Meet the marvellous sea cucumber
Newfoundland researcher working with Sanikiluaq on plan to harvest the squishy creatures
Beneath Nunavut’s waters, along its long coastline, lives a creature that may hold the secrets to immortality—the sea cucumber.
“We have no evidence of sea cucumbers dying of old age, they could live as old as humans or older,” Jean-Francois Hamel told Nunatsiaq News in Iqaluit on Oct. 24.
Hamel is a Newfoundland-based research scientist with the Society for the Exploration and Valuing of the Environment who specializes in sea cucumbers and related animals.
“They have an amazing ability to regenerate themselves, which scientists are working hard to study.”
Hamel recently visited Nunavut for the second time, giving a presentation at the Nunavut Research Institute in Iqaluit on Oct. 24.
He first visited the territory last spring when he was invited by the hunters and trappers association of Sanikiluaq to help undertake a study of local sea cucumbers. The purpose of the study is to come up with a management plan that would allow Sanikiluaq to responsibly harvest the sea cucumber for both local consumption and possible export.
There is a growing international demand for sea cucumbers, especially from China, Hamel said. Almost every part of the cucumber is eaten, from its intestine to its gonads. But it has also earned the nickname of “the ginseng of the sea,” because of its many purported health benefits, Hamel said.
In the retail market, the Atlantic sea cucumber can fetch as much as $800 per kilogram, the scientist said. That makes it far more expensive than Alaska’s king crab legs, which Hamel said usually fetch around $80 per kilogram in the retail market.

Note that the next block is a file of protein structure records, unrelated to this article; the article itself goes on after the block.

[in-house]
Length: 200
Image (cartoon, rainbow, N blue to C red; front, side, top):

The Atlantic sea cucumber, which is closely related to sea urchins and starfish, grows to about 25 centimetres, Hamel said. In tropical waters, some cucumbers can reach that size in just one year. But in the Arctic, where waters are much colder, it can take up to 15 years.
“We have to be very careful to not collect too many, because it grows so slowly. So we need to plan harvests with very good management structures,” Hamel said.
Nunavut’s sea cucumbers enjoy some potential advantages over sea cucumbers found elsewhere, Hamel said.
First, they grow in cold, clean water. And, second, their bright orange colour is unique. That’s likely due to unique chemicals the cucumber absorbs from its food in Arctic waters, although that’s still being studied, Hamel said.
Studying the sea cucumber, which seals and walruses also eat, would allow Nunavut to prepare itself for warming Arctic waters due to climate change, Hamel said. As waters warm, other species may migrate north, he added.
But whatever research is done needs to be done in collaboration with and for the benefit of Nunavummiut, Hamel said.
During his trip to Sanikiluaq last spring, Hamel said he fell in love with the island and its people.
“Everyone was so friendly, it’s really an extraordinary place,” he said.
And everyone seemed to love sea cucumbers and have their own stories about the creatures, Hamel added.
Locals eat them raw, straight out of the waters—something Hamel said he hasn’t seen during his 30 years of studying the cucumber around the world. In China, they are usually dehydrated and then rehydrated and elaborately prepared.
“And it’s not just elders who eat them in Sanikiluaq, but teenagers too.”
During a community presentation on Belcher Island last summer, Hamel said he offered snacks, including candy, sea cucumbers and sea urchins.
“People of all ages preferred the sea cucumbers and urchins to the candy.”
Hamel said the research will continue for a few more years before the results are published. Before then, he hopes to recruit an Inuk marine biology student to help with the research.